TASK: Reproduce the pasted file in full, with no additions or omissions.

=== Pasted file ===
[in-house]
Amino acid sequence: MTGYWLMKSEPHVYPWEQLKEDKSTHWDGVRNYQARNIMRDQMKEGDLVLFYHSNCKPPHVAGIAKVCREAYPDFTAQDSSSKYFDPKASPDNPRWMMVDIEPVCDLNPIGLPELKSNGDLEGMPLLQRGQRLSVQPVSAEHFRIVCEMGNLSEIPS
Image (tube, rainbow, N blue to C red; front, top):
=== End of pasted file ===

[in-house]
Amino acid sequence: MTGYWLMKSEPHVYPWEQLKEDKSTHWDGVRNYQARNIMRDQMKEGDLVLFYHSNCKPPHVAGIAKVCREAYPDFTAQDSSSKYFDPKASPDNPRWMMVDIEPVCDLNPIGLPELKSNGDLEGMPLLQRGQRLSVQPVSAEHFRIVCEMGNLSEIPS
Image (tube, rainbow, N blue to C red; front, top):